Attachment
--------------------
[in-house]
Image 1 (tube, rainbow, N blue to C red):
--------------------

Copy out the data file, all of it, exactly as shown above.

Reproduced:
[in-house]
Image 1 (tube, rainbow, N blue to C red):